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The Characterization of Estella in Great Expectations.

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The Characterization of Estella in Great Expectations The first time Estella appears in the novel, she is behind a gate door. She opens a window in the gate door and her voice is heard. Like a siren, all that is noted about Estella in this first scene is that she has a clear voice, very pretty and very proud. In fact that is all Dickens' presents Estella as for the first couple of encounters, a proud haughty young woman that is beyond Pip's reach as a commoner. That's what Estella begins to be characterized as: unreachable. The very name that Dickens' gives her is unreachable, as Estella is akin to the word star. By this name, Estella is characterized as mysterious, unreachable, beautiful and erratic. Estella, although carrying a conversation with Pip of small talk, never introduces herself. ...read more.


Her leading Pip to Miss Havisham and his new life, is reminiscent of the star of David leading the shepherds to the messiah and a new life. In this respect, Estella also begins to be perceived as the means to which Pip's life changes. She is the catalyst that inspires Pip to change and his inspiration. Estella frequently arises in Pip's mind in moments of insecurity, as his inspiration to change, but in this she also begins to represents all of Pip's insecurities and all that he cannot achieve, become or have. Estella begins to represent the other world of a higher social class. Her appearances in the novel are rare and shining due to the effect these events have on Pip. Similar to the twinkling of a star, Estella appears time and time again throughout stages in Pip's life. ...read more.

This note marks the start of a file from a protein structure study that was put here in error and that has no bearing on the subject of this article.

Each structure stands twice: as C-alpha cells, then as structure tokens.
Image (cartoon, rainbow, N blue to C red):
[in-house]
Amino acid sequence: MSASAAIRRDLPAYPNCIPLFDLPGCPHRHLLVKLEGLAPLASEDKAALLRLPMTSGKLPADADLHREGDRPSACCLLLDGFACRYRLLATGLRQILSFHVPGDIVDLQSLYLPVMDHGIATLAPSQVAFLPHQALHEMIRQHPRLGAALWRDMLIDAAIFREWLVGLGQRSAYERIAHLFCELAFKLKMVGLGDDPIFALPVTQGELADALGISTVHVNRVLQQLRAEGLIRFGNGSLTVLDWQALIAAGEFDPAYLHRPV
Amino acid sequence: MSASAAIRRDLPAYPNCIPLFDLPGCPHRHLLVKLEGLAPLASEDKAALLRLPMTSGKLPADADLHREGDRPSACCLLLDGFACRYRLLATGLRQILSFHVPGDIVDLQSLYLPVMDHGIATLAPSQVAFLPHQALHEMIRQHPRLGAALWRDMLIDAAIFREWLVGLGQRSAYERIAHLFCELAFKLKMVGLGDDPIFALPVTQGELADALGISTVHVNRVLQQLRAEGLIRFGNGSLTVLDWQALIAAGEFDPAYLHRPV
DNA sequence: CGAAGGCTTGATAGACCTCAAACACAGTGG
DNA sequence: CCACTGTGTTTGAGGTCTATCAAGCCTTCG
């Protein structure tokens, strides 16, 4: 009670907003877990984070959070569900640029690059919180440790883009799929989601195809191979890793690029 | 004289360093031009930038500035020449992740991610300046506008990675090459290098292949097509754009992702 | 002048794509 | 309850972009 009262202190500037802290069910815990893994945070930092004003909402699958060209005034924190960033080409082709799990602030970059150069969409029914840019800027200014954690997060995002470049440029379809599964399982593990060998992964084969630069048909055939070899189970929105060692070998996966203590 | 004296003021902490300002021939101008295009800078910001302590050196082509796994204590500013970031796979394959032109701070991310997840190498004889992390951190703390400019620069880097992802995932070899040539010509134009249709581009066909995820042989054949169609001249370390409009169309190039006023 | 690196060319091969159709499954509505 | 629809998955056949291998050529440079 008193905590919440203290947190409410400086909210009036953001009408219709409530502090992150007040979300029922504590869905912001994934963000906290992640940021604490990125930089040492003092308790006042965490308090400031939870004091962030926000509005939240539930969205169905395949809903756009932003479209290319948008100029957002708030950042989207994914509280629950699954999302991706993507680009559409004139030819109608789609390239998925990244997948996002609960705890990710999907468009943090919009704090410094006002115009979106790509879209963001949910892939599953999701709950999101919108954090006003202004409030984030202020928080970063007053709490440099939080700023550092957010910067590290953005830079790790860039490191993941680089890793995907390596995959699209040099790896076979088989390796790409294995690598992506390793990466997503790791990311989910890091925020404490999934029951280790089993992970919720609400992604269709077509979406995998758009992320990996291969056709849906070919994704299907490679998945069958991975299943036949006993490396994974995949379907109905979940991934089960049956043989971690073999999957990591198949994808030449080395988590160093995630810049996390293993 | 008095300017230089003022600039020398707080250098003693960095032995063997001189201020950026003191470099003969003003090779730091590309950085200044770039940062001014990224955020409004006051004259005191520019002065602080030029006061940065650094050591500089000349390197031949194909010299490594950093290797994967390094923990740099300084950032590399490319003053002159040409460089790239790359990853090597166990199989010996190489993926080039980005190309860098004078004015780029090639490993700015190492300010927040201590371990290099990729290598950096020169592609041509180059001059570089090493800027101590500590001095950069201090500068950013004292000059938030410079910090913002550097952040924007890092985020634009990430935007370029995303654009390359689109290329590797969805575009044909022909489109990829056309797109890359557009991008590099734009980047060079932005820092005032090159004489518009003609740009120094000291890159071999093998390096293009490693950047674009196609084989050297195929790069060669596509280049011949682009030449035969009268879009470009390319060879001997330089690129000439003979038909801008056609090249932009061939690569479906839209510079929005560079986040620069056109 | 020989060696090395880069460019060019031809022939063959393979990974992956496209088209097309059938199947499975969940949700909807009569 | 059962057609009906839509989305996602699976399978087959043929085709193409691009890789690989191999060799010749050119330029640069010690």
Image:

When he answers that she is pretty, she hits him and then asks the question again. This time Pip says nothing. This further strengthens the opinion that Estella is an evil woman, but also shows that she has been trained to behave in this manner because she asked again as if to punish him more for whatever answer he chooses. Once again they play cards, after which Pip is once again allowed leave to walk the grounds. Upon doing so Pip encounters a young gentleman who challenges him to a fight. Pip wins the fight, and later on Estella rewards Pip by allowing him to kiss her. This characterizes Estella as one who always associates with the winner. However in allowing Pip to kiss her, Estella puzzles the reader. This underlines the ambiguity of Estella's character. Estella is characterized by the reactions of Pip, as he is the narrator. Bluntly Estella's character is developed by Dickens' through the development of Pip in regards to his view of Estella. ...read more.

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